May 27, 2014
Turkish director Nuri Bilge Ceylan took home the Palm d’Or at this year’s Cannes Film Festival for his movie, “Winter Sleep”. The slow-paced character drama set in a picturesque corner of Apollonia faced stiff competition from Xavier Dolan’s “Mommy”, Andrey Zvyaginstev’s “Leviathan” and even Jean-Luc Godard’s latest film. Overall, this year’s festival managed to surpass everyone’s already high expectations.
As May draws to a close, so too does this past year’s television season. Scripted series continue to gain significant viewership when accounting for delayed viewing, but what’s most noticeable about this year’s top 20 ratings winners is how long-in-the-tooth some of the shows are.
Meanwhile, the final cost of finishing “Fast & Furious 7” after the death of actor Paul Walker last November has yet to be tallied, however it’s shaping up to be one of the most expensive insurance claims in motion picture history.
Of course, we also cover the week’s top entertainment news stories including some creative differences at Marvel, Amazon’s silent war with publishers and the Supreme Court’s decision in an important copyright infringement case.
May 5, 2014
Two real-life controversies are presently complicating life in Hollywood where studios prefer to make lots of money and ignore complicated social issues or the sometimes tawdry private lives of their executives and talent. The first involves accusations of forcible rape by movie director Bryan Singer. The second involves boycotting a historic Tinseltown hotel over its owners politics.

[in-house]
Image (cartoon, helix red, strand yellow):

In less contentious news it appears our prediction about the future of Craig Ferguson as host of the “Late Late Show” was correct, and he will indeed be departing by the end of this year. The host says the decision was entirely his own, despite what it might look like with David Letterman retiring from his show’s lead in, “Late Night”.
Tony nominations were announced last week to honor some of this year’s best and brightest Broadway productions and performers. We give you a rundown of all the front runners as well as a look at a few that didn’t make the cut.
Of course, we also cover the week’s top entertainment news stories including the “Star Wars Episode VII” casting announcement, AT&T’s acquisition offer of DirecTV and Ben Affleck’s blackjack trouble.
April 28, 2014
The concept that all data sent via the Internet should be treated equally has allowed services such as YouTube and Netflix to develop and prosper on a level playing field. However a new proposal from the Federal Communications Commission would effectively kill net neutrality by allowing companies to pay for faster access. Will the public revolt in mass protest or will big business ultimately prevail?
A similar question is being asked as the United States Supreme Court heard oral arguments over whether Aereo infringes on broadcaster’s copyright by retransmitting over-the-air television signals via the Internet, or if the company’s services are legal under current law. The future of television may hinge on the answer.
There seems to be no dispute over the state of opera these days as many regional companies are suffering from a number of problems, not the least of which is declining ticket sales. Most recently the San Diego Opera announced it would be shutting down after running out of money.
Of course, we also cover the week’s top entertainment news stories including Amazon’s deal to stream past HBO series, Ryan Seacrest stays with “American Idol” and why record labels are suing Pandora… again.